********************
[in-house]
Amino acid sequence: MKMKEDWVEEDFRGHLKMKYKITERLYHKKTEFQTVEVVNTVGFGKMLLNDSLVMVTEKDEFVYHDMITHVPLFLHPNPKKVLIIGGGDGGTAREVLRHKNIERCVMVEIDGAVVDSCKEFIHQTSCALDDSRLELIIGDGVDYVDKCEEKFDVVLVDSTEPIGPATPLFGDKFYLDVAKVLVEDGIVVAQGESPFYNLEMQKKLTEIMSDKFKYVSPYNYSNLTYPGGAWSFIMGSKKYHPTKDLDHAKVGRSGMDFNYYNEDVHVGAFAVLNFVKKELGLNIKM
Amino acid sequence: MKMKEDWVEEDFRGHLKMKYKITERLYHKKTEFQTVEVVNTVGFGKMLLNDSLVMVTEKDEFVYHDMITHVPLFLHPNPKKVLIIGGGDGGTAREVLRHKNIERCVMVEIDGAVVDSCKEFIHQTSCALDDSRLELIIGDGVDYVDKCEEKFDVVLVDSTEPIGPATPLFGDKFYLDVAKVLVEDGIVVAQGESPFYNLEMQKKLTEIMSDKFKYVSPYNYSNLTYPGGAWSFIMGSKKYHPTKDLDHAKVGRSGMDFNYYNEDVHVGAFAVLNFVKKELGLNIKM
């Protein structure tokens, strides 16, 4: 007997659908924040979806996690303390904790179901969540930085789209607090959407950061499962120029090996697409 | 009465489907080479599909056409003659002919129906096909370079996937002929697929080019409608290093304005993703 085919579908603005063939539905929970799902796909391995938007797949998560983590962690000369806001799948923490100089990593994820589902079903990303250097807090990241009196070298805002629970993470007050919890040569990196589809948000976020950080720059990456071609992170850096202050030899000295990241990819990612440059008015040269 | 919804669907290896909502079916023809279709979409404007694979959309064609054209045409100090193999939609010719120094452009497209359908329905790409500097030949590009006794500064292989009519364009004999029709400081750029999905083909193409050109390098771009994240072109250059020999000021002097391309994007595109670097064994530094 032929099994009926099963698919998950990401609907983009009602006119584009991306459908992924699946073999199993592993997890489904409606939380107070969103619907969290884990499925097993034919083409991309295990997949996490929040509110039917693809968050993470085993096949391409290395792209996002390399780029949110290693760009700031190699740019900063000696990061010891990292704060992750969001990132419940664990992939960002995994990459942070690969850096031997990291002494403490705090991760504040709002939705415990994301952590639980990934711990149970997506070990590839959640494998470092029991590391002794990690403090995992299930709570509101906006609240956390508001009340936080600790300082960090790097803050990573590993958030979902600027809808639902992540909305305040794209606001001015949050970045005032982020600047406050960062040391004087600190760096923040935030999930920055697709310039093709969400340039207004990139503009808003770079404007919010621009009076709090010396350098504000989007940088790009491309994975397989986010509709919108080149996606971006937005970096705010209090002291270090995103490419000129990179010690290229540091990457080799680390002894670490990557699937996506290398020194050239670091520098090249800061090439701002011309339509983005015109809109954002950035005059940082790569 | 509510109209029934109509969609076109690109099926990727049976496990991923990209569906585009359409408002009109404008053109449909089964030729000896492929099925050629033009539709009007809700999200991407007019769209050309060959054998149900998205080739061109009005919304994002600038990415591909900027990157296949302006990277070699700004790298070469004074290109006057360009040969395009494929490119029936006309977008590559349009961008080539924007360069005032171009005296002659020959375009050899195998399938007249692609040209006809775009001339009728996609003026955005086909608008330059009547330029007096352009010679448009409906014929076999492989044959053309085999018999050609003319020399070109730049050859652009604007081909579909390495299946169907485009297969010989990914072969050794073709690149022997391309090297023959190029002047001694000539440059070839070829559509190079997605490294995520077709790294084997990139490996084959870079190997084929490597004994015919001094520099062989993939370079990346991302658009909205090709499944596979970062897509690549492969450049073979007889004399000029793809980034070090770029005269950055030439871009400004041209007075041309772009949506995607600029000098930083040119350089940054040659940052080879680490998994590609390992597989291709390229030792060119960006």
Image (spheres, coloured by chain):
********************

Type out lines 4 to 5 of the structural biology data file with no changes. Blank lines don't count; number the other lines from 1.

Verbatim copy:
């Protein structure tokens, strides 16, 4: 007997659908924040979806996690303390904790179901969540930085789209607090959407950061499962120029090996697409 | 009465489907080479599909056409003659002919129906096909370079996937002929697929080019409608290093304005993703 085919579908603005063939539905929970799902796909391995938007797949998560983590962690000369806001799948923490100089990593994820589902079903990303250097807090990241009196070298805002629970993470007050919890040569990196589809948000976020950080720059990456071609992170850096202050030899000295990241990819990612440059008015040269 | 919804669907290896909502079916023809279709979409404007694979959309064609054209045409100090193999939609010719120094452009497209359908329905790409500097030949590009006794500064292989009519364009004999029709400081750029999905083909193409050109390098771009994240072109250059020999000021002097391309994007595109670097064994530094 032929099994009926099963698919998950990401609907983009009602006119584009991306459908992924699946073999199993592993997890489904409606939380107070969103619907969290884990499925097993034919083409991309295990997949996490929040509110039917693809968050993470085993096949391409290395792209996002390399780029949110290693760009700031190699740019900063000696990061010891990292704060992750969001990132419940664990992939960002995994990459942070690969850096031997990291002494403490705090991760504040709002939705415990994301952590639980990934711990149970997506070990590839959640494998470092029991590391002794990690403090995992299930709570509101906006609240956390508001009340936080600790300082960090790097803050990573590993958030979902600027809808639902992540909305305040794209606001001015949050970045005032982020600047406050960062040391004087600190760096923040935030999930920055697709310039093709969400340039207004990139503009808003770079404007919010621009009076709090010396350098504000989007940088790009491309994975397989986010509709919108080149996606971006937005970096705010209090002291270090995103490419000129990179010690290229540091990457080799680390002894670490990557699937996506290398020194050239670091520098090249800061090439701002011309339509983005015109809109954002950035005059940082790569 | 509510109209029934109509969609076109690109099926990727049976496990991923990209569906585009359409408002009109404008053109449909089964030729000896492929099925050629033009539709009007809700999200991407007019769209050309060959054998149900998205080739061109009005919304994002600038990415591909900027990157296949302006990277070699700004790298070469004074290109006057360009040969395009494929490119029936006309977008590559349009961008080539924007360069005032171009005296002659020959375009050899195998399938007249692609040209006809775009001339009728996609003026955005086909608008330059009547330029007096352009010679448009409906014929076999492989044959053309085999018999050609003319020399070109730049050859652009604007081909579909390495299946169907485009297969010989990914072969050794073709690149022997391309090297023959190029002047001694000539440059070839070829559509190079997605490294995520077709790294084997990139490996084959870079190997084929490597004994015919001094520099062989993939370079990346991302658009909205090709499944596979970062897509690549492969450049073979007889004399000029793809980034070090770029005269950055030439871009400004041209007075041309772009949506995607600029000098930083040119350089940054040659940052080879680490998994590609390992597989291709390229030792060119960006």
Image (spheres, coloured by chain):